Climate skeptics are having a field day, celebrating the firestorm of controversy surrounding the UK's Hadley Center Climate Research Unit (CRU), until recently, the world's leading climate research center. One skeptic, a Canadian named Steve McIntyre has particular cause for doing a happy dance over the misery of the CRU.
If you've been living without an internet connection, here's a quick overview of l'affaire Climategate. On November 17, someone posted to the internet a vast archive of materials that had been hacked or leaked from the CRU, including numerous emails, documents, computer code, and data. While all of the information has not been verified as 100% correct, none of the people cited have denied that the documents are legitimate, and some outside entities engaged in the e-mail exchanges have confirmed that they are genuine.
"Many skeptics have had their doubts about the climate data championed by the IPCC and the CRU, but one of them, Canadian Steve McIntyre a retired mathematician and policy analyst, decided to do something about it."
Bloggers and skeptics immediately tore into the package, and found evidence suggesting that CRU scientists exaggerated warming; worked furiously to hide their data from outside examination; may have conspired to actually delete information to avoid freedom of information requests, and may have conspired to keep contrary findings from being published in respected climate journals, and IPCC reports.
The data manipulation that has been most seized upon by bloggers involves the choice of which sources of temperature data should be used to reflect climate trends after 1960.
Because thermometer based measurements of the climate are only about 150 years old (and are quite spotty for much of that time), when scientists set out to construct long-term estimates of temperature trends, they use what are called "proxies," such as tree-ring measurements that ostensibly reveal the temperatures that the tree experienced as it grew.
As it happens, the tree-ring proxies match up with the thermometer measurements up until about 1960, when there is a "divergence" between the two sets of data. The tree rings indicate a global cooling after 1960, while the thermometer data indicates a sharp warming. The CRU scientists decided to simply stop using the inconveniently non-warming tree-ring data after 1960. In one email, this is discussed as a "trick" developed by Michael Mann, the creator of the infamous climate "hockey stick chart," that would "hide the decline" shown by the tree-rings, and emphasize the recent spike in thermometer data, preserving the sanctity of the hockey stick.
Many skeptics have had their doubts about the climate data championed by the IPCC and the CRU, but one of them, Canadian Steve McIntyre a retired mathematician and policy analyst, decided to do something about it. McIntyre has been indefatigable in his efforts to get the raw data, and computer codes from the climate science community so that he could check whether or not their work was straight.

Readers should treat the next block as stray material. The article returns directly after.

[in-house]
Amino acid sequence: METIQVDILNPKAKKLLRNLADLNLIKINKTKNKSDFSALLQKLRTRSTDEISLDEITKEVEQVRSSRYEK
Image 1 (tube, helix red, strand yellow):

But the climate scientists at CRU and elsewhere have denied McIntyre's information requests for years--Phil Jones even emailed that he'd destroy the data rather than let McIntyre have it.
The main excuse was that some of the raw data had been provided to CRU with strings on it preventing release. Surprisingly, within days of Climategate, the Hadley center has announced that it got all of those nasty strings cut, and voila!—are now free to release the data. That is, the data they haven't "lost," which supposedly includes most of the raw temperature data they ever collected.
Finally, and most troubling, are the suggestions that a tribe of incestuous climate scientists may have actively conspired to undermine the peer-review process.
The climate change industry, along with people like Al Gore have slammed skeptics for not publishing in the peer reviewed literature. What the Climategate documents reveal is that this small group of scientists, who often peer-review each other's work as well as skeptical articles, have discussed ways of keeping findings they don't like out of the peer-reviewed literature as well as the IPCC reports, even if it required trying to oust editors, boycotting certain journals, or to reclassifying a prestigious journal that publishes skeptical articles as a fringe journal unworthy of consideration. They also discuss their specific intention to exclude contrary findings from the IPCC reports, even if they "have to redefine what the peer-reviewed literature is!"
Science is vitally important for the operation of highly technological society, and that science must be open, transparent, and must adhere to the scientific method. The institution of science has no place in it for hiding data, hiding data-processing, shaping data to conform to pre-existing beliefs, undermining the peer-review process, cherry-picking reports in order to slant political IPCC reports, or slandering critics by comparing them with flat-earthers, moon-landing conspiracy theorists, or holocaust deniers. Let the Climategate hearings begin.
Kenneth P. Green is a resident scholar at AEI.